An article published in 2007 in the U.S. News & World Report
credited underwater archaeologist E. Lee Spence with finding the Hunley in 1970.
When the July 2-9, 2007, issue of U.S. News & World Report with its article on the submarine H. L. Hunley hit the news-stands, there was still a federal court case being fought between underwater archaeologist Dr. E. Lee Spence and fiction-writer Clive Cussler over who actually discovered the wreck. Cussler was saying he found it in 1995, and Spence was saying he had found the wreck and properly reported it to government officials 25 years earlier. The Hunley was unique because it was the first submarine in history to actually sink an enemy ship. Government archaeologists were describing it as “the most important (underwater) archaeological discovery of the (20th) century.” So, both sides wanted a court decision in their favor that would settle the dispute once and for all.
Unlike a lot of the prior local coverage about the Hunley, which had been heavily influenced by Senator Glenn F. McConnell (a South Carolina politician who wanted Cussler credited), the U.S. News & World Report’s article was extremely well researched. Despite having obviously interviewed McConnell, the article’s authors credited Spence with finding the Hunley in 1970. After its publication, Cussler’s attorney’s successfully had Spence’s case against Cussler thrown out on the basis that Spence had waited too long to file his case, which had claimed Cussler was lying, and they dropped Cussler’s case against Spence, which meant the dispute was never actually settled by the court.
Spence, found the wreck in 1970, but had no photos to show because in 1970 he owned no underwater cameras that were even remotely capable of taking photos in the limited visibility at the wreck site. By the time Spence did obtain such a camera, the wreck had been covered over by the shifting sands and he was being told by the government officials not to dig into or disturb the wreck in any way or face arrest.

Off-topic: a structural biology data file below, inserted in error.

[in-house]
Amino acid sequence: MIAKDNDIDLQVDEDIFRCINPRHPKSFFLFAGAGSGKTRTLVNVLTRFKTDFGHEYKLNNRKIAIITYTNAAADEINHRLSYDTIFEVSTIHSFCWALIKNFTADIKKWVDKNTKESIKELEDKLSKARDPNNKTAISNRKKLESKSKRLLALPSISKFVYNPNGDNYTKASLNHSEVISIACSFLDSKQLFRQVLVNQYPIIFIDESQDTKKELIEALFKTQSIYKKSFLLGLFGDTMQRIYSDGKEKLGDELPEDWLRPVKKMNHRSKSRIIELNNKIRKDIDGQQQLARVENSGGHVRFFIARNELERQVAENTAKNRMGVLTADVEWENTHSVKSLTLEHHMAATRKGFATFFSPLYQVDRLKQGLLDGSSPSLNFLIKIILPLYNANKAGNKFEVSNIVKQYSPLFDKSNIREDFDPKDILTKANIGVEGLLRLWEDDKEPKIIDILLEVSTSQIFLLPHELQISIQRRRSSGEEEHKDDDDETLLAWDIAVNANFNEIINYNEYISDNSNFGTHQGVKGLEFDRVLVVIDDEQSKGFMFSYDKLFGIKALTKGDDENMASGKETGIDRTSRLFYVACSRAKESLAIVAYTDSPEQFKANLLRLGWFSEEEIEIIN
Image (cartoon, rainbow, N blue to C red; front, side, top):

Spence has always held that his proof of discovery were the maps he drew and published that correctly showed its location. He correctly points out that credit for lots of discoveries have been based solely on written notes and mapped locations.
Despite the wreck’s being covered, Spence was easily able to relocate it by using the magnetic bearings that he had taken the day he first found the wreck, and by searching with a proton magnetometer, which was able detect the sub’s iron mass even under the sand. And, since GPS didn’t exist back then, Spence, while anchored directly over the wreck, had used a World War Two era sextant to precisely measure the angles between several channel buoys and two lighthouses. Using those angles, Spence carefully plotted and mapped the Hunley’s location. He then published the mapped location, mailing copies to numerous government officials. He even published detail from one of his maps in a book that came out just month’s before divers went to the site in 1995, dug up the wreck and took video of it.
In October of 2000 a scientist at the University of South Carolina determined that Spence’s mapped location closely matched the Hunley’s official GPS location. In fact, despite the relatively primitive methods used by Spence and despite the wreck being over 3.5 nautical miles from the closest shore, both Spence’s plotted location and the government’s GPS location, were apart by less than the length of the salvage barge that was ultimately used to raise the wreck. When both locations were plotted on the standard chart of the area, they fell within a circle of less than 21 thousandths of an inch in diameter. As Spence says, that was not just a lucky guess.
Cussler’s discovery claim was based on video taken by divers, who were part of an expedition initiated and directed by underwater archaeologist Dr. Mark Newell, of the South Carolina Institute of Archaeology & Anthropology (SCIAA), which is part of the Executive Branch of the State of South Carolina. The divers had been able to dig up the wreck, without facing prosecution, only because the expedition was officially being done as a SCIAA expedition. Although Cussler admittedly never dove on the wreck, and wasn’t even on the boat when the divers dug it up, he apparently thought he should be credited with the discovery because he had underwritten part of the expedition’s costs. According to his sworn deposition, Cussler was also of the opinion that even when something’s location is well known to others (he used a water fountain as an example), each person who came along and saw it would have discovered it. Incidentally, during the court case, Newell, gave a sworn, video-taped deposition in which he not only acknowledged using Spence’s published maps to plan his SCIAA expedition, he clearly stated that he believed Spence had found the wreck in 1970.
Go to http://shipwrecks.com/hunley_discovery/ to read more about Spence’s discovery of the Hunley.
Go to http://shipwrecks.com/hunley_discovery/ to read more about Spence’s discovery of the Hunley.Comment on this Post or Page on Shipwrecks.com: